Going to Ad School has caused my Southern Accent to slip away. I've had three people in the last few months ask me if I'm from the West Coast. A few people at work have been shocked to hear I'm from Atlanta. It's troubling that I might be losing a part of my Southernness. And even more troubling that, at times, I've thought that was a good thing.

Wednesday, April 02, 2008

Sprint, Samsung Can't Learn From Microsoft.

Behold, The Samsung Instinct. Granted, it's difficult to judge a piece of technology without handling it first, but this seems like an incredibly bad idea. Apparently, Sprint doesn't think so. This is what Sprint CEO Dan Hesse says:

"This device is like no other touch-screen phone," Mr. Hesse said in a keynote address at the CTIA wireless conference here. The Instinct, he said, provides proof "that the wireless company of the future exists now."

Is this an April Fools joke? Do these people have access to the internet or a newspaper? Have they heard of Microsoft Zune? Or Windows Vista?

You can't out Apple Apple. Even with an improved user interface (maybe), a stronger feature set and lower price point, Instinct will have mediocre sales at best. It won't matter if this phone can cure herpes while giving angels their wings, it won't compete with iPhone.

It won't help either that, as AdAge points out, both Sprint and Samsung will be marketing the handset independently. Sprint is going to spend 100 million dollars. How do these people have jobs?

If they really think they are the cell phone company of the future, why don't they act like it? Maybe by coming out with something original. 100 million dollars, unbelievable. No amount of money can save this thing. Am I the only one who sees this or is it so obvious no one is bothering to talk about it?

Tuesday, April 01, 2008

Get a New Video Game Habit.

Researchers at McGill University in Montreal created a simple game called the MindHabits trainer. The player searches a four by four block of frowny faces for one that's smiling. Find the smiling face, click it, repeat. On the surface, it seems insufferable.

In a study, tele-marketers played the game for five to ten minutes before their shift started. Something interesting happened:

At the end of the week, the group that played the "find the smile" exercise reported feeling less stressed, had higher self esteem, made more sales, and were rated as being more confident in their phone calls. Most remarkably, said Balwin, they had 17 percent lower levels of the stress hormone cortisol.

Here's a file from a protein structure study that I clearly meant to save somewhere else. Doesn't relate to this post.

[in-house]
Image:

Could this have any implications for creatives? It reminds me of what Alex Bogusky said about how he wards off creative block at Crispin. The mindset you bring to the work can make a huge difference.

Link to the Reuter's story here.

Monday, March 31, 2008

The Cup and Facebook

Or more accurately, the Carolina Cup.  It's an annual horse race held in Camden, SC.  People go ape shit for this thing.  Like the Running of the Bulls in Pamplona, The Cup (that's what people from South Carolina call it) has it's own uniform and aesthetic.  More or less, the infield at the race looks like the Easter Bunny had some bad sushi and threw up everywhere.

I wore a pink and blue polka-dotted bow-tie.

When a friend posted a picture of me as a profile picture I got weirded out. Everywhere my friend touched on facebook now included a picture of me in a bow-tie.  I knew this would open me up to unmitigated shit from everyone at school.  I'm used to taking shit, but it bothers me that any part of my life that can be captured in pixels can be shared to thousands of people. Regardless of the content, I don't like any aspect of my personal life being out there in a way I can't control.

The larger question here is: am I cut out for web 2.0?  Am I cut out for all of this openness?  If I get squeamish over one photograph, can I cut it a world and an industry thats increasingly calling for sharing?  Am I responding like Coke during the whole Eepy Bird Mentos and Diet Coke thing?  Should I have been more like Mentos?  Should I have embraced the photograph?  Commented on it?  Created a group for jackasses wearing bow-ties?   

What happens if Modernista's new website backfires?  What happens if they get involved in a ATHF situation?  Will they change their site?